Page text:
Santiago Maldonado death: four gendarmes acquitted

The activist died during a police operation in a Mapuche community in Chubut in 2017

Santiago Maldonado march. Credit: Wikipedia

Trelew judge Gustavo Lleral has acquitted all four military police officers who were under investigation over the August 2017 disappearance and death of activist and craftsman Santiago Maldonado.

Maldonado went missing on August 1, 2017, after a group of gendarmes (military police) broke up a roadblock by the Indigenous Pu Lof Mapuche community in Cushamen, and then pursued the protesters. Maldonado was found dead 77 days later, on October 17, 2017, floating in the Chubut river, within the limits of the Mapuche lands.

The case sparked a public outcry, and the United Nations Committee Against Enforced Disappearances issued a petition for urgent action to the Argentine government, demanding that it take immediate action to locate him.

Gendarme Emmanuel Echazú was accused of the forced disappearance of Maldonado, and agents Juan Pablo Escola, Víctor Vaquila Ocampo, and Marcelo Ferreyra were accused of committing harm, abuse of authority, and breach of duty.

Echazú had already been acquitted in November 2018. Human rights nonprofit CELS, which is a plaintiff in the case, told the Herald that it would appeal the charges.

“The actions of the Argentine National Gendarmería […] were undeniably necessary and reasonable and, I reiterate once again, were as per the applicable legal precepts,” Lleral wrote in his 344-page ruling, which the Herald has seen.

He also said that none of the gendarmes’ actions were crimes, as they were complying with a judge’s order, and that the members of the Mapuche community “assaulted” them.

Lleral stated that Maldonado was found “in the place where he was seen for the last time” and drowned after sinking in the river “by himself, without anyone noticing” or “being able to help him.”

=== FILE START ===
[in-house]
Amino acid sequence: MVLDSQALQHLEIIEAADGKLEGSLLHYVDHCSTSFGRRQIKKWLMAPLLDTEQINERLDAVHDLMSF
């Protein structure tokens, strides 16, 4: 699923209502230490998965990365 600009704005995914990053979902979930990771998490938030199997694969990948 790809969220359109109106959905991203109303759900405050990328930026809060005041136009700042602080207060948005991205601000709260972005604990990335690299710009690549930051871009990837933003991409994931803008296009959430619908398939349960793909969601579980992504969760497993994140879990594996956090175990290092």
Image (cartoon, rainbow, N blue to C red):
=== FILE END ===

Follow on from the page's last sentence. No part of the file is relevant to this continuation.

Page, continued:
“The desperation, adrenaline, and excitement naturally provoked by the escape; the depth of the hole, the thick branches, and roots crossed at the bottom; the cold, icy water moistened his clothes and footwear until it reached his body,” he wrote. According to him, this caused his sinking and made it impossible for him to float or take a breath of oxygen.

Maldonado’s disappearance was a banner case for then-Security Minister Patricia Bullrich. She consistently stood up for the military police, whom human rights organizations and opposition politicians accused of being at least partially responsible for Maldonado’s disappearance.

“I’m not going to throw a gendarme under the bus,” she famously said.

Sergio Maldonado, Santiago’s brother, said on Twitter that “the impunity pact for Patricia Bullrich and the national Gendarmía has been confirmed” with the ruling. Sergio led the demand for justice for Santiago from the day he disappeared.

“He claimed that Santiago drowned by himself,” Sergio wrote.

“History repeats itself, hours before the elections of August 13, 2023, after the repression and the murder of Facundo Molares, the case is closed for the second time, freeing Bullrich’s Gendarmería from responsibility.”


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